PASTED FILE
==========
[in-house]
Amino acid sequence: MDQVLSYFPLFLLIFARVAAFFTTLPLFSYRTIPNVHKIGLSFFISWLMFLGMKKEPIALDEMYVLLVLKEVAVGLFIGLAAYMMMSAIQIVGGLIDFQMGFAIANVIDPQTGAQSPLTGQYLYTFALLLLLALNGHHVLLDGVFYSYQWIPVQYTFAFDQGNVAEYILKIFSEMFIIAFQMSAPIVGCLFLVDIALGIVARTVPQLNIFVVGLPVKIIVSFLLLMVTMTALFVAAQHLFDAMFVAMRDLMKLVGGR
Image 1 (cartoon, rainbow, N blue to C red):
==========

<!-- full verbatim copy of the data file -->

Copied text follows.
[in-house]
Amino acid sequence: MDQVLSYFPLFLLIFARVAAFFTTLPLFSYRTIPNVHKIGLSFFISWLMFLGMKKEPIALDEMYVLLVLKEVAVGLFIGLAAYMMMSAIQIVGGLIDFQMGFAIANVIDPQTGAQSPLTGQYLYTFALLLLLALNGHHVLLDGVFYSYQWIPVQYTFAFDQGNVAEYILKIFSEMFIIAFQMSAPIVGCLFLVDIALGIVARTVPQLNIFVVGLPVKIIVSFLLLMVTMTALFVAAQHLFDAMFVAMRDLMKLVGGR
Image 1 (cartoon, rainbow, N blue to C red):